Sex crimes not being recorded: the police need to believe allegations
18 November 2014
Her Majesty’s Inspectorate of Constabulary (HMIC) has today published a damning report on police crime recording. It estimates that, each year, almost a million crimes are missed out of official figures. It points particularly to violent and sex crimes that are not recorded. In this article, Dr Kate Cook (right), Manchester Metropolitan University, looks at the underlying trends in reporting and recording of sexual offences and calls for a new ‘climate of belief’ when allegations of rape are brought to light.
This report’s findings are not new to criminologists or to those engaged in work on sex crime – police crime statistics are a topic for discussion on criminology courses around the country. The police are charged with producing statistics that are used to give indications about the amount of crime in society. Yet each officer is also under pressure to show that they are having an impact on crime, that crime is falling, and that they are detecting the crime that is reported to them and helping to ensure that wrongdoers are punished.
Police services are also under pressure from government to show that crime is under control and government in turn is under political pressure to appear to be responding to crime in a clear manner. None of these factors is likely to lead to a clear and accurate record of the crime that is reported to the police. It is often said that police produced crime statistics tell us more about police work than they do about actual crime.
These issues are, if anything, even starker in the case of sex crimes. Rape and other sexual offences are hugely under-reported crimes and it has long been known that not all instances reported to the police are recorded as crimes. They are often said to be ‘no-crimed’, in other words, to have no action taken and so to be omitted from the official crime statistics. As long ago as 1986 the government were sufficiently aware of this issue so that a Home Office Circular advised police that only false rape reports could be ‘no-crimed’ (Circular 69/1986).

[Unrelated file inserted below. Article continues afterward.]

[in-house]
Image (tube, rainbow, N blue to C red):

A decade later, Sue Lees drew attention to research showing that police ‘no-criming’ was still a problem (Lees, S. (1996) Carnal Knowledge: Rape on Trial, Hamish Hamilton, p.98.). In her research Lees found that over a third of cases were not recorded as crimes. Today’s news suggests that little has changed in the 18 years since.
It is worth noting that the police recording of crime is only one of the problems in the process of attrition in sexual offences cases. For any incident to result in a conviction the first step is that, after the incident has happened, someone has to decide to draw it to the attention of the police. This can be the victim, a bystander or witness, or the police themselves may witness the incident. It may be true to say that most cases of rape and sexual assault do not occur in front of independent witnesses.
Much of the time then, the decision to report will be made by the victim. Before she can report, a person who has experienced a sexual assault or rape will have to view the incident as wrong, as a crime. Sadly, it is clear that this does not always happen. Girls who are abused by celebrities, children who are touched by a teacher or religious person, and others whose fathers tell them “this is your fault,” are all unlikely to be clear that they have the right to report this to the police. Adults who are victimised can also find this confusing: where the perpetrator is a partner or family member they may be reluctant, afraid or confused. Again, they may not even identify this as a crime.